On Dec. 7, 2016, just in time for the holiday season, the Office of Inspector General (OIG) released a policy statement regarding the nominal value of gifts that healthcare providers may give to Medicare and Medicaid beneficiaries. In short, the OIG now allows gifts of “nominal value,” no more than $15 per item or $75 in aggregate per patient on an annual basis, which marks an increase from the limits set in 2000 of $10 per item or $50 in aggregate per patient annually.

Under section 1128A(a)(5) of the Social Security Act, enacted as part of the Health Insurance Portability and Accountability Act of 1996, a person who offers or transfers to a Medicare or Medicaid beneficiary any remuneration that the person knows or should know is likely to influence the beneficiary’s selection of a particular provider, practitioner, or supplier of Medicare or Medicaid payable items or services may be liable for civil monetary penalties of up to $10,000 for each wrongful act. Remuneration includes waivers of copayments and deductible amount and transfers of items or services for free or other than fair market value.

However, upon enacting Section 1128A(a)(5) of the Social Security Act, Congress expressed its intent that inexpensive gifts of nominal value be permitted. Thus, the OIG interpreted “inexpensive” or “nominal value” in 2000 to be the aforementioned $10 individual gift and $50 yearly aggregate amounts. The OIG recently decided these 16-year-old figures should be adjusted and increased the “nominal value” amount to $15 per item and $75 per patient annually. The OIG reiterates that these items may not be cash or cash equivalents.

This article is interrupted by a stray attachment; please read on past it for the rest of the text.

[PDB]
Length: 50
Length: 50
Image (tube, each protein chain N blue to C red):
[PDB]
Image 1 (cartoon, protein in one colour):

Accordingly, healthcare providers should only offer gifts to government beneficiaries that are nominal in value, and in no event greater than $15 per individual gift. Annually, while a provider may present multiple gifts to a single patient, it should not give a single patient gifts that exceed $75 in total aggregate value, and the amount of the gifts should be tracked to ensure this threshold is not crossed.

If the provider elects to utilize large group mailings that include gifts, it should be sure to comply with the nominal value amounts set by OIG, as it would be very difficult to screen federal healthcare beneficiaries from such mailings. Finally, while a provider may elect to exclude federal healthcare program beneficiaries from receiving gifts (and would also need to note this exclusion in its advertising), there is some risk that the provision of gifts to only non-governmental insured patients could be deemed discriminatory under Medicare regulations, and thus it may be preferable to treat all patients in a similar manner. It is also important to note that the OIG’s interpretation of “nominal value” applies to patient gift-giving and does not explicitly extend to referral sources. Any gift-giving practices with regard to referral sources should be closely scrutinized.